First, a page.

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1.  Bias Observed in Time-of-flight Shear Wave Speed Measurements Using Radiation Force of a Focused Ultrasound Beam 
Ultrasound in medicine & biology  2011;37(11):1884-1892.
Measurement of shear wave propagation speed has important clinical applications because it is related to tissue stiffness and health state. Shear waves can be generated in tissues by the radiation force of a focused ultrasound beam (push beam). Shear wave speed can be measured by tracking its propagation laterally from the push beam focus using the time-of-flight principle. This study shows that shear wave speed measurements with such methods can be transducer, depth, and lateral tracking range dependent. Three homogeneous phantoms with different stiffness were studied using curvilinear and linear array transducer. Shear wave speed measurements were made at different depths, using different aperture sizes for push, and at different lateral distance ranges from the push beam. The curvilinear transducer shows a relatively large measurement bias that is depth dependent. The possible causes of the bias and options for correction are discussed. These bias errors must be taken into account to provide accurate and precise time-of-flight shear wave speed measurements for clinical use.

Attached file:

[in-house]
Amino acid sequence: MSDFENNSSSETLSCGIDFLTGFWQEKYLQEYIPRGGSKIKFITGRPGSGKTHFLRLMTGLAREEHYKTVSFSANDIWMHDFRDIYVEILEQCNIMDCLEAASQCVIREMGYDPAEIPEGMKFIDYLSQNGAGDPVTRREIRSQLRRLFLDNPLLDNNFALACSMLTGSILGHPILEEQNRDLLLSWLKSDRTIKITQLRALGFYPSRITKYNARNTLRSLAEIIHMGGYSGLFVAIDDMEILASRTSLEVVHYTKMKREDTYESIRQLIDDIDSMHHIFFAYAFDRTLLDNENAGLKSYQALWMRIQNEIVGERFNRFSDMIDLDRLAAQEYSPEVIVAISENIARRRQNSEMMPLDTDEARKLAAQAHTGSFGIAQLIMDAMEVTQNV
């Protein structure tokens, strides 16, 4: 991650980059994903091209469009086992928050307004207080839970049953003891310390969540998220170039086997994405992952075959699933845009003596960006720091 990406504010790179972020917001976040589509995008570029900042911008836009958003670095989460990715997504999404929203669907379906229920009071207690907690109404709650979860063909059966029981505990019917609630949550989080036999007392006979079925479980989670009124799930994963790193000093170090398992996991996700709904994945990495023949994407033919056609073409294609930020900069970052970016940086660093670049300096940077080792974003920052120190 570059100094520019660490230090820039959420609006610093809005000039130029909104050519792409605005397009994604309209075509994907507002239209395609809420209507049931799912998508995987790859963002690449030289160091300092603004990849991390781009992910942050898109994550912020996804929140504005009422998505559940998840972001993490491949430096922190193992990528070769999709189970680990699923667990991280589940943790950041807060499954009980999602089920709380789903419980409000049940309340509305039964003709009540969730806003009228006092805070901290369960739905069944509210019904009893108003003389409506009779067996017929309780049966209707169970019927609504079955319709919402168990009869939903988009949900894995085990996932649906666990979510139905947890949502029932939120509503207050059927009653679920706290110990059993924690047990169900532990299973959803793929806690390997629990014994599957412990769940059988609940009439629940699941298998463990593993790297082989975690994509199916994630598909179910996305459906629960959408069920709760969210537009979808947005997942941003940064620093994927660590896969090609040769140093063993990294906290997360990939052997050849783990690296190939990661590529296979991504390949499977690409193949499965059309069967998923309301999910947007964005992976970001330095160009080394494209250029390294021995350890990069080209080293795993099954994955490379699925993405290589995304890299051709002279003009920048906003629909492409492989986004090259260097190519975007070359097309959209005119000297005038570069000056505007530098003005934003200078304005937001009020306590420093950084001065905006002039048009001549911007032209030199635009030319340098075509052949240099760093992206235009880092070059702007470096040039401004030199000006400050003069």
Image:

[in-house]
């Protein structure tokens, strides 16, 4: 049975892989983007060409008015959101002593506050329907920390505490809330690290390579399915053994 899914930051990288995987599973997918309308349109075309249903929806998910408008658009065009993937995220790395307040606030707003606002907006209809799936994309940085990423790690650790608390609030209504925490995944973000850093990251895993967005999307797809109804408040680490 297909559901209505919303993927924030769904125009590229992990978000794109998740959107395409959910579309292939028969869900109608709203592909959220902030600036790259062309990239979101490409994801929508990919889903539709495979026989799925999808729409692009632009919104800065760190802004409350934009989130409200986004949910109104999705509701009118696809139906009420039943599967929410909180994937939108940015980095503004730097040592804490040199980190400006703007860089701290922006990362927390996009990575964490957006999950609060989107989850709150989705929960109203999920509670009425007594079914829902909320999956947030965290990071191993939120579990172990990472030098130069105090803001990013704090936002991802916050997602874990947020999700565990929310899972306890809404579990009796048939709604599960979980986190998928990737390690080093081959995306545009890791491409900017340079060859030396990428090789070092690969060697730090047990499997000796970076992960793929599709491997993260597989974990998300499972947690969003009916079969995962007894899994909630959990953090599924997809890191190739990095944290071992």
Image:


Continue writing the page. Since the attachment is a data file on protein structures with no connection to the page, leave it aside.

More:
doi:10.1016/j.ultrasmedbio.2011.07.012
PMCID: PMC3199321  PMID: 21924817
Shear wave speed; Liver fibrosis; Bias; ARFI

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